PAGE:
The president of Brooklyn College hit back against New York City Council members who threatened to withhold funds to the school if it allows a panel discussion about the boycott Israel campaign to go forward later this week.
Brooklyn College President Karen Gould insisted the discussion would go ahead as planned and defended the decision as part of the school’s commitment to “academic freedom.”
“Providing an open forum to discuss important topics, even those many find highly objectionable, is a centuries-old practice on university campuses around the country,” Gould said. “Indeed, this spirit of inquiry and critical debate is a hallmark of the American education system.”
Gould spoke out after 10 City Councilmembers wrote her a letter objecting to the panel. Prominent pro-Israel voices including lawyer Alan Dershowitz also lambasted the panel that will include philosopher Judith Butler and Palestinian activist Omar Barghouti.
“We don’t believe this program is what the taxpayers of our City, many of who would feel targeted and demonized by this program, want their tax money to be spent on,” the lawmakers said.
Supporters of the event praised Gould for standing up to the pressure.
“We knew this would be controversial. We’re not scared of controversy,” said Corey Robin, who has taught political science at Brooklyn College for 15 years. “The fact that government officials have chosen to threaten us … I thought we had moved beyond that.”
Defenders of the panel have likened the move by these City Council members to an incident involving then-Mayor Rudy Giuliani who in 1999 threatened to slash funding to the Brooklyn Museum for showing an image of the Virgin Mary mired in elephant dung.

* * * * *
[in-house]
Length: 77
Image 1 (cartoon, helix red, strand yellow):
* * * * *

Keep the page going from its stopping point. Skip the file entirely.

This prompted Robin to look to Mayor Michael Bloomberg, who very publically and passionately stood up to critics of the lower Manhattan Islamic center, invoking freedom of speech and religion.
“In some ways, this fight has really just begun,” he said. “It’s very clear, the terms of the confrontation: the entire academic community against the power of the state.”
Gould also strongly stated that support for the panel should not be seen as the college’s endorsement of the divestment movement.
In addition to Thursday evening’s event, at which I encourage those with opposing views to participate in the discussion and ask tough questions, other forums will present alternative perspectives for consideration,” she said.
“The college welcomes participation from any groups on our campus that may wish to help broaden the dialogue,” she said. “At each of these events, please keep in mind that students, faculty, staff, and guests are expected to treat one another with respect at all times, even when they strongly disagree.”